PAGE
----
A review of Emotify! The Power of the Human Element in Game-based Learning, Serious Games, and Experiential Education, by Michael Sutton and Kevin Allen

The challenge in doing a 900-word review of a 220+page book is that I can only comment on the key points and elements, and summarize the rest. What I can say is that Michael Sutton and Kevin Allen have produced a guide for a wide range of learning designers and managers, depending on their situations and experience. The text deserves careful reading and may require re-evaluation of one’s own biases about game-based learning.

When I accepted the request to review Emotify!, I expected a book that addressed “building, buying, and delivering” game-based learning. That is the title of Chapter 5, and one of my first notes says, “Why didn’t they just cut to the chase?” But after closer reading, I realized I was too hasty with that question. There is so much more to this book than those mechanical considerations. I found that my understanding was better served by going back and reading the rest of what the authors had to say. The content is deep.

A strategy for adopting game-based learning

Emotify! presents a strategy for adopting games as the basis for learning in an organization. Not for ALL learning: the authors are fair in their presentation of the merits of other approaches and the situations where they are appropriate. At the same time, they make clear the many ways in which lectures, webinars, and slide-based eLearning are not adequate formats for today’s learning and performance challenges and for life-long learning. Game-based learning (GBL), serious games, and experiential learning belong in many contexts beyond the ones that readers might expect.

Depending on where the reader is on the journey of exploration of games and experiential learning, there are chapters that should be read first by readers who have some familiarity with or are “sold” on the concepts, by those who need help convincing others, and by those with a mandate and in a hurry to develop and implement, and there are chapters that can be skipped initially by those readers. There are chapters that should be read first by those who are just starting the journey, by those who have particular needs (immersive learning environments), and chapters that can probably be skipped (initially) by any of those groups. I have organized this review for each of these groups of readers.

More than one way to approach Emotify!

I am going to make some suggestions about what I believe is a productive way to approach the book. Certainly, you can read straight through from the Introduction to the Epilogue. The chapters chunk the content in a logical way. However, if you are impatient (as I am) or needing to make a decision about GBL, here are some alternative ways to go that seem to me may be helpful to you.

All readers

All readers should take in the first two pages of the Introduction and then skip to the Outline of the text that begins on page 29 in order to get an understanding of the scope of the book.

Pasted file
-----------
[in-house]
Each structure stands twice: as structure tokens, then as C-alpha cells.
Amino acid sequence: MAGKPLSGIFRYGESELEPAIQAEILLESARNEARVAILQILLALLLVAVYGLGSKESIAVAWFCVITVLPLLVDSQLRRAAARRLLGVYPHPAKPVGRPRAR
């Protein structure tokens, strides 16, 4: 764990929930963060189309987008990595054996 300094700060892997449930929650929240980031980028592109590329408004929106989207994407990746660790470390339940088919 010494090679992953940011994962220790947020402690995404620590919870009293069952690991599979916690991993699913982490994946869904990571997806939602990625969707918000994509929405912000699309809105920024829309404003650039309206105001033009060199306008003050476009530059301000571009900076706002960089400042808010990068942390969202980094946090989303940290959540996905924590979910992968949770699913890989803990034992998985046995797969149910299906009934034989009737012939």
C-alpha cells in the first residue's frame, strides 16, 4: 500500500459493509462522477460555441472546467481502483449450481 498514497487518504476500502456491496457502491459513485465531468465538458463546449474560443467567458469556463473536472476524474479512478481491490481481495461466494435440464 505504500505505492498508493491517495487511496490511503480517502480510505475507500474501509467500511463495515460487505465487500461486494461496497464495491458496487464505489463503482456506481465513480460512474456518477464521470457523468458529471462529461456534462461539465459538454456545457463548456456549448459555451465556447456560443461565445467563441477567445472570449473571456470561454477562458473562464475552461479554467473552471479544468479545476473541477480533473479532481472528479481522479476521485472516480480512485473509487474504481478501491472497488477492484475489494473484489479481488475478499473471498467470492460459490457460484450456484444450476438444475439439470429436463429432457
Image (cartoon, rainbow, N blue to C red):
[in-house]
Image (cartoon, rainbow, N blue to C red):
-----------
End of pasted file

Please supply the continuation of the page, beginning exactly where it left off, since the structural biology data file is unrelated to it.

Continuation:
If you are new to GBL

Readers who are new to the idea of games and experiential learning might want to begin with the first three chapters. These present the problems with most corporate learning and the rationale for game-based learning. Then, go to Chapter 9 that addresses the principles and reasoning behind adopting GBL. If you feel a little lost after the PDCA Framework section (Plan-Do-Check-Act) in Chapter 9, go back to one of the two next suggestions I will make.

If you need to sell the idea of GBL to your team

If you need to sell the idea of GBL to your team, go to Chapters 6 ("Creating Your Following"), Chapter7 ("Crafting Your Show"), and Chapter 8 ("Tracking and Evaluating"). Then read Chapter 9 (or finish it) on "Disruptive Educational Transformation".

If you need to sell your boss on the idea of GBL

Prepare your plan. Chapter 2 ("Game Quest? Why Now?"), Chapter 3 ("The Right Approach: Choosing Among Excellent Alternatives"), and then Chapters 6 and 7 as named above. Then all of Chapter 9 for the framework of implementation.

If you already have a mandate for GBL

Chapter 3 as above, then Chapter 5 ("Building, Buying, Delivering"), Chapter 8 ("Tracking and Evaluating"), and Chapter 9. If part of your mandate, read Chapter 4 ("Special Case: Immersive Learning Environments").

Back to all readers

The "Epilogue: Learning or Losing" is the mandatory finish for everyone. Then go back and read the chapters you skipped, all of them.

My epilogue for this review

If it wasn’t already clear, I recommend Sutton and Allen’s Emotify! The Power of the Human Element in Game-based Learning, Serious Games, and Experiential Education no matter where you are in your journey or your career. There is a lot to consider, to learn, to pilot, and to adopt. If you don’t mind my dropping a couple of names, there are good reasons that Sue Bohle, executive director of the Serious Games Association, and Karl Kapp, EdD, author of The Gamification of Learning and Instruction and Play to Learn, and many other experts also recommend it.


Sutton, Michael J. and Kevin Allen (2019) Emotify! The Power of the Human Element in Game-based Learning, Serious Games, and Experiential Education. Miami: EI Games, LLC